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Ganesh Chaturthi turns low-key affair amid COVID-19 pandemic

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Ganesh Chaturthi on Saturday turned out to be a low-key affair in various cities across Maharashtra. Mumbai and Pune, known for celebrating Ganesh Chaturthi in a grand manner, also lacked the usual pomp and glory.

Government imposes restrictions

The coronavirus pandemic that has wreaked a havoc in Maharashtra is a major reason behind the low-key celebrations. Also, the Maharashtra government has urged the festival organisers to keep it a low-key affair and avoid crowding.

The Uddhav Thackeray government has issued strict guidelines regarding Ganeshotsav celebrations. It has put a ban on taking out processions before installing and immersing the idols of the deity.

It also said that the heights of Lord Ganesh idols installed by sarvajanik (community) mandals and at household-level should be limited to four feet and two feet, respectively, this year.

As a result, the number of people coming out in the market to buy Ganpati idols for installation in their houses, housing societies and sarvajanik pandals, was limited. The usual spirit and fervour of the festival is relatively low this year.

Small seasonal business affected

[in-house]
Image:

Due to the subdued celebrations, small seasonal businesses that thrive during the festival were considerably affected. These include flower vendors, sweet shops, outlets selling decoration items, imitation jewellery, and transporters. The COVID-19 pandemic has also affected artistes.

Also Read: India’s COVID-19 case tally nearing 30 lakh

However, in some popular market places like Dadar in central Mumbai, people still came out in large numbers to purchase material required for decoration, puja rituals in the last couple of days.

Festival cancelled, postponed

Lalbaugcha Raja, Mumbai’s best-known sarvajanik Ganeshotsav mandal, cancelled the festival this year in view of the pandemic, while Wadala’s GSB Sewa Samiti, considered one of the richest mandals in the metropolis, postponed the celebration to ‘Magh Shudh Chaturthi’ in February next year.

The usual pandal decorations in the city are missing this year and cultural events have been replaced by public awareness programmes and health camps by the mandals.

People bring Ganpati bappa home

Mumbai and the neighbouring areas have been witnessing heavy rains since the last few days. The downpour continued on Saturday morning, but people stepped out to bring home the idols of the deity amid chants ‘Ganpati bappa moraya’. In some areas, firecrackers were also burst to welcome the Lord.

Chief Minister Uddhav Thackeray also welcomed Lord Ganesh at his official residence ‘Varsha’. Some celebrities and political leaders also installed the idols at their places. The installation of the deity was done as per the rituals in the morning.

Security beefed up

Meanwhile, security has been beefed up in the city for the festival. Apart from the local police, a company of Rapid Action Force (RAF), three companies of State Reserve Police Force (SRPF), local arms and riot control police have been deployed.

Quick response teams, bomb disposal squads and anti-terrorism cells have also been put on alert to prevent untoward incidents. Police will monitor the happenings in the city with the help of 5,000 CCTV cameras and also use drones for aerial surveillance, a police official said.

 

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